In both the Lamech episode and the Abram story, the third member of the erotic triangle is a larger than life figure. In the first instance, the alleged lover is a divine being, one of the "watchers," "holy ones," "nephilin," or "sons of heaven" (2:1, 5, 16). For Abram the cause of anxiety is the Egyptian Pharaoh, at the very least one whose political and social status was qualitatively different from Abram's, at the maximum, one who was thought to be a son of God. Jewish and Christian interpretations of Genesis 6:1-4--the source of the story of the watchers and the women--understood "sons of god" to mean, alternatively, divine beings or sons of "nobles," "rulers," or "judges."28 This latter meaning fits well with Pharaoh's playing out the role of one of the watchers, and it may also relate to an interpretation of 1 Enoch 6-11 that identifies the giants with the Diadochoi.29 Another point of consideration is Bitenosh's use of the term zar as a synonym for "watchers" and "sons of heaven." In the logic of the narrative, given the child's appearance, it is hardly a reference to some other human other than her spouse and must refer to "a being foreign to this world."30 Nonetheless, the expression should be noted, since in the Abram story, Pharaoh is a foreigner to Abram's race, i.e., an Egyptian rather than an Israelite (to speak anachronistically).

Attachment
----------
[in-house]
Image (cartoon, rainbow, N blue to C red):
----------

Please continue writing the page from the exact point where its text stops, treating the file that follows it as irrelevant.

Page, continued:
3.0 Accounting for the Parallels Between the Stories

   The author of the Apocryphon has shaped these two stories in a common direction. First, in both stories, the wife is brought to the foreground as a viable character, who participates in a conversation with her husband and whose sexuality is emphasized. Secondly, the story is told from the husband's point of view and focuses on his expressed anxiety that his wife has been or will be drawn into a sexual relationship with a "stranger." Finally, in both cases the anxiety is shown to be unfounded.